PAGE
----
Since its creation in Aug. 2008 by Martin Gee, a former San Jose Mercury News employee, the Newspaper Escape Plan Facebook group has evolved into quite the forum. Printosaurs and media gurus alike are invited to discuss issues, share resources and give tips to those in journalism. The “common interest—self help” group calls the newspaper industry an “abusive relationship” and urges members to transfer their skills to a new industry more deserving.
John Zhu is a writer, copy editor and web/graphic designer who escaped the news industry in 2006. He posted a collection of blog posts dedicated to finding ways to get out of the newspaper business mid-career. In one post called “How to (Voluntarily) Become an Ex-Journalist,” he offers links ranging from job boards, what to do after being laid off and free courseware classes on journalism and media. He doesn’t do this out of spite or hatred for the industry–but he does believe that times are rocky and people need all the help they can get.
Northwestern University’s Media Management Center recently published a report, “Life beyond print: Newspaper journalists’ digital appetite,” that surveyed 3,800 people in a cross-section of newspaper newsrooms.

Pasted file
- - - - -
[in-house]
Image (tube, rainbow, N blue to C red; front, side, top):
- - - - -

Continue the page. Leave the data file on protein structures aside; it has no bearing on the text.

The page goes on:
The study outlined six profiles of journalists:
1. Digitals make up 12% of the workforce and include the youngest age group that works mostly online. More than half of them have undergraduate or graduate degrees in journalism.
2. Major Shift makes up 11% of the workforce. This group is a mix of reporters, editors, designers and videographers who usually have 15 years or so in the business. This group is also the most pessimistic about staying where they are in the business and wants to see more change.
3. Moderately More makes up 50% of the workforce. This group wants to see a more equal divide between print and online media and believes future of the newsroom is bright.
4. The Status Quo includes the 14% who devote about 30% of their efforts to online journalism. Nearly half are age 50 or above. This group feels the evolution of newspapers has happened at a good pace.
According to the study, “Online desire in the newsroom is not determined by age, years of journalism experience, or proximity to retirement. And youth is not a factor in predicting who in the newsroom wants to move into digital. Rather, the top two predictors of digital appetite are heavy Internet use outside work and having knowledge of online audiences and their preferences.”
The study concludes by noting that journalists have the drive, but the necessary tools for change and access to engaged leadership aren’t always readily available. What do you think about this? What group(s) do you fit in best?